“Don’t despair if your heart has been through a lot of trauma. Sometimes, that’s how beautiful hearts are remade: they are shattered first.” Yasmin Mogahed
Last fall I saw a house being demolished. The equipment necessary to bring it down was parked on the road and slowed my journey up Oak Street to my office, so every day I’d glance quickly to see more of the house being knocked to pieces.
I don’t remember what it looked like – it was probably a modest two-story like other simple colonials that line the street. And I don’t know anything about the lives of the families that lived there, the story of that particular house or why it was razed. It might be a sad or tragic story to tell. I love the old homes in our city and am always disappointed when one has to go.
But I was also curious to see what happens next.
Our family owns an empty lot where a two-family home stood. Information about what happened is sparse but one short article I found on microfiche reported the house was destroyed in a fire in the 1970’s. No one was injured and there was speculation about insurance fraud, but by the time we bought our home, it was an empty expanse of crabgrass, languishing perennials (but some very fine peonies), a concrete driveway slab at the curb, and bits of the garage foundation at the back. It was pretty ugly.
That empty lot played a big factor in our decision to buy this house. We had it graded, fenced and finished out with topsoil and grass seed. Then we dug a garden and developed, over the next 17 years, perennial and vegetable beds that have provided beauty and sustenance. Our children played in the yard when they were little, it’s a great space for hosting potlucks and also gives us extra space on a street where homes were sometimes constructed too close together to let the sun in.
My point? Destruction can lead to something good both in property and in personal experience. Emptiness can be a fertile space for something new to grow.
In therapy, persons often come knowing that something isn’t working, that reactive or addictive patterns in themselves or relationships are causing stalemate and damage. Or that a relationship or job or stage of life or dream is ending.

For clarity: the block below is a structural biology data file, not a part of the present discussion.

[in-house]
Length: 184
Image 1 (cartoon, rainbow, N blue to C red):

Something is being demolished….and this is part of life – it’s predictable. And waiting alongside sorrow, shock, resistance, and anger is also the possibility of what might be born after an ending. But the ending has to come first.
People can move from what’s empty, unusable or just plain over to welcome something new, hopeful, meaningful, useful. It’s not easy, it’s not pretty or elegant – all that demolition and mess and hauling away of what was; but it’s doable, necessary and important all the same.
Therapy should be a safe place for clients:
- to be listened to and understood,
- to know, as a foundation under their feet, their strengths, values, connections, and resilience – what’s going to help them make it through
- and then to understand what has to change in order for growth to occur; what needs to be deconstructed or demolished or finished so that something healthier and more workable can emerge.
It’s possible to both grieve painful endings AND hold onto the belief that something lovely, strong or meaningful might be built in the space left by ending old habits, surrendering a dream, facing sorrow, or releasing faulty beliefs.
In just the last week, I noticed that the empty lot I drive by has been leveled, topsoil and straw spread. I’m waiting to see shoots of grass poke up through.
You will know a respectful home once stood there, that it’s not there anymore and you will also appreciate the little rectangle of green possibility.
Brenda Hartman-Souder, June 2018
Some good reading on endings, grief transitions, etc.:
Transitions: Making Sense of Life’s Changes by William Bridges
Healing Through the Dark Emotions: The Wisdom of Grief, Fear and Despair by Miriam Greenspan
Kelly Brogan, MD’s website: https://kellybroganmd.com/ I don’t necessarily agree with all of Dr. Brogan’s expressed views and beliefs, but her writing on facing pain, the transformation possible when leaning into one’s suffering instead of running from it, are powerful.
Grief Recovery Handbook by Russell Friedman & John W. James
The Wild Edge of Sorrow, by Frances Weller